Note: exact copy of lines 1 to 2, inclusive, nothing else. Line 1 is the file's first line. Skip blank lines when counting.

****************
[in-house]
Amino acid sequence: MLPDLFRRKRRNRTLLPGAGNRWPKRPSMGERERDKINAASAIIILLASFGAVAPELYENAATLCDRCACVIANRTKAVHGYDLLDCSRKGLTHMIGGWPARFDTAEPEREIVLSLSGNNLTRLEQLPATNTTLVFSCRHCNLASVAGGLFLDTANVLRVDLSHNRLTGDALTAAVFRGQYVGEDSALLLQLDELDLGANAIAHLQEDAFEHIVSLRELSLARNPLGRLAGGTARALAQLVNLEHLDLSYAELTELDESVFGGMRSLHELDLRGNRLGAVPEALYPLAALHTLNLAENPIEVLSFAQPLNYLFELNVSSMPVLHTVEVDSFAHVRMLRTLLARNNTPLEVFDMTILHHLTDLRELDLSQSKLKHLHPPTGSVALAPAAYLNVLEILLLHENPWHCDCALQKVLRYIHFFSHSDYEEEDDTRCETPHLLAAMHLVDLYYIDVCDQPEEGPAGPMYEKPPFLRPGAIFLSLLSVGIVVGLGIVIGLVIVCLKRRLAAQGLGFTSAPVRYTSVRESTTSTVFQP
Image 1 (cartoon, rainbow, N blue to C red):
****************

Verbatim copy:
[in-house]
Amino acid sequence: MLPDLFRRKRRNRTLLPGAGNRWPKRPSMGERERDKINAASAIIILLASFGAVAPELYENAATLCDRCACVIANRTKAVHGYDLLDCSRKGLTHMIGGWPARFDTAEPEREIVLSLSGNNLTRLEQLPATNTTLVFSCRHCNLASVAGGLFLDTANVLRVDLSHNRLTGDALTAAVFRGQYVGEDSALLLQLDELDLGANAIAHLQEDAFEHIVSLRELSLARNPLGRLAGGTARALAQLVNLEHLDLSYAELTELDESVFGGMRSLHELDLRGNRLGAVPEALYPLAALHTLNLAENPIEVLSFAQPLNYLFELNVSSMPVLHTVEVDSFAHVRMLRTLLARNNTPLEVFDMTILHHLTDLRELDLSQSKLKHLHPPTGSVALAPAAYLNVLEILLLHENPWHCDCALQKVLRYIHFFSHSDYEEEDDTRCETPHLLAAMHLVDLYYIDVCDQPEEGPAGPMYEKPPFLRPGAIFLSLLSVGIVVGLGIVIGLVIVCLKRRLAAQGLGFTSAPVRYTSVRESTTSTVFQP